Spotlight Initiative recognizes that civil society organizations (CSOs), grassroots organizations and women-led and feminist organizations are best placed to understand and respond to their local context. Fifty per cent of funds in 2019 were budgeted for civil society organizations. Additionally, civil society is engaged across all Spotlight Initiative programming through Reference Groups that both advise and hold us accountable.

In 2020, COVID-19 made it difficult for many organizations – particularly small women’s organizations – to continue their work. In response, a further US$9 million was allocated for support to existing grantees in sub-Saharan Africa. 

To respond to the COVID-19 crisis, Spotlight Initiative allocated a further $9 million to grantees in sub-Saharan Africa.

Flexible funding is critical in allowing organizations to pivot their activities to meet demand. In Viet Nam, for example, Spotlight Initiative support meant a local women’s shelter was able to staff its helpline overnight during COVID-19 lockdowns. “[During lockdown] we get many calls late at night or early in the morning while the abuser is sleeping. For this reason, we had to open the hotline number 24/7 so we don’t miss an urgent call for help,” said Linh*, a hotline worker from Hanoi. “Support from the Spotlight Initiative’s Safe and Fair Programme was extremely timely as it meant we could hire more hotline operators for the night shift.”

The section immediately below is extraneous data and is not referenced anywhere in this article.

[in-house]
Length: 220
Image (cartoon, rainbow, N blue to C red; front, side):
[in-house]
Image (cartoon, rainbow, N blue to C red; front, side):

The Spotlight Initiative will continue working hand in hand with governments, service providers, civil society organizations and activists to ensure that women and girls everywhere can live a life free from violence.

*Name has been changed